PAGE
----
As a writer, I have grown to appreciate how difficult it is to write good comedy. Watching the high-caliber performances in the above-mentioned movies by actors such as Tracy and Hepburn, Ruth Gordon, Donald Sutherland, Elliott Gould, Diane Keaton, John Cusack, Dianne Wiest, Dustin Hoffman, Jeff Bridges, Gene Wilder, Zero Mostel, Brad Pitt, Frances McDormand, John Malkovich, Michael Stuhlbarg, and Woody himself give me an even greater appreciation for the art and talent that goes into great comedic acting.

With comedy, everything is on the table and nothing is off limits. Politics, religion, food, sports, fashion, health, entertainment, family, dating, relationships, love, sex, divorce, work, children, pets, travel, money, news, art, and death. I can find humor in almost every situation and this is why comedy is my chosen genre. The stressors in life can be enormous and everyone I know just wants to laugh. We need to go inside of our existential challenges and find the humor within them. We need to laugh in spite of our frailties, failures, and shortcomings. We need to laugh no matter what the externals bring- despite job losses, breakups, illness, and mounting bills. Laughter makes us stronger and helps us to maintain our perspective and not lose hope in the face of all things.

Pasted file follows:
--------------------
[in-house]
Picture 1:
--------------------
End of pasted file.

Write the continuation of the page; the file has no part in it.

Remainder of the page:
Stephen King once said, “Any fool with steady hands and a working set of lungs can build up a house of cards and then blow it down, but it takes a genius to make people laugh.” Comedy allows us to be our imperfect selves in an imperfect world. It speaks to us, as if to say: “Go ahead, be awkward- inept even. Slip, and fall, but do get up again, and please keep trying.”

BIO:

Writer-Director-Producer Lisa Meri formed Me Do Productions, LLC, a Massachusetts based film production company in the Spring of 2011. Lisa co-wrote the feature length comedy “4 Helens” with friend and writing partner Christian Clare in 2010. In 2011, Lisa wrote the feature length comedy “You Should Be So Lucky”, which she hopes to produce in the not too distant future. She is currently developing a third script, a feature length comedy that takes place in a nursing home.

Prior to forming Me Do Productions, Lisa formed her own music publishing company. She’s written and placed original music in a variety of commercial, film, and television productions. A graduate of Berklee College of Music in Boston, Lisa has produced a wide range of music for visual media. After years of working with major production companies, Lisa decided to form her own production company and focus her energy on developing original stories for the screen. Lisa also decided to write and produce independent narrative feature films because it’s much more stable and a lot more lucrative than a lifelong career in the music industry.

 

Be sure to check out Lisa’s prior FilmCourage.com article:

YOU SHOULD BE SO LUCKY